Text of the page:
From the Atlanta Journal-Constitution:

Superintendent Beverly Hall and her top aides ignored, buried, destroyed or altered complaints about misconduct, claimed ignorance of wrongdoing and accused naysayers of failing to believe in poor children’s ability to learn.

For years — as long as a decade — this was how the Atlanta school district produced gains on state curriculum tests. The scores soared so dramatically they brought national acclaim to Hall and the district, according to an investigative report released Tuesday by Gov. Nathan Deal.

In the report, the governor’s special investigators describe an enterprise where unethical — and potentially illegal — behavior pierced every level of the bureaucracy, allowing district staff to reap praise and sometimes bonuses by misleading the children, parents and community they served.

The report accuses top district officials of wrongdoing that could lead to criminal charges in some cases.

Have D.C.'s "Best Schools" Been Cheating?

A handful of Washington D.C. schools are embroiled in a scandal over whether teachers corrected wrong answers to boost students' test scores, and thereby, increase their bonuses.

Eyeballing the Forbidden Fruit

Ordering your significant other to ignore the attractive person at the next table might backfire, according to a new study.

Cracking the Lottery Code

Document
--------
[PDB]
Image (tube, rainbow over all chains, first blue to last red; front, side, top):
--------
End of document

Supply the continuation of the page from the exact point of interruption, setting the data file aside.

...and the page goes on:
In Wired, Jonah Lehrer profiles Mohan Srivastava, a Toronto statistician who seemingly cracked the scratch-lottery ticket code. "The tic-tac-toe lottery was seriously flawed," writes Lehrer. "It took a few hours of studying his tickets and some statistical sleuthing, but he discovered a defect in the game: The visible numbers turned out to reveal essential information about the digits hidden under the latex coating. Nothing needed to be scratched off-the ticket could be cracked if you knew the secret code."

Sumo: More of the Same

I can't say that I am surprised by the latest sumo headline from the Associated Press.

Those Cheating Teachers! A New Freakonomics Marketplace Podcast

This year alone has seen teacher-cheating scandals in Washington, D.C., Los Angeles, Atlanta, and elsewhere; in this week's Times, Sharon Otterman reports how New York State is trying to curtail cheating and offers some specific instances of past cheating:

A charter school teacher warned her third graders that a standardized test question was “tricky,” and they all changed their answers. A high school coach in Brooklyn called a student into the hallway and slipped her a completed answer sheet in a newspaper. In the Bronx, a principal convened Finish Your Lab Days, where biology students ended up copying answers for work they never did.

This comes as little surprise to Steve Levitt, who several years ago recognized what most legislators and school administrators were unable (or unwilling?) to foresee: that the introduction of high-stakes testing would create incentives that might encourage some teachers (especially bad ones) to cheat on behalf of their students. So he developed an algorithm to catch cheaters, which was so successful that then-Chicago schools chief Arne Duncan brought Levitt in to help identify and fire cheating Chicago teachers.

The Ghostwriter

Have you ever wondered just who writes those papers handed in by cheating students? An article in The Chronicle of Higher Education, written by a writer for a "custom-essay company," has some answers for you.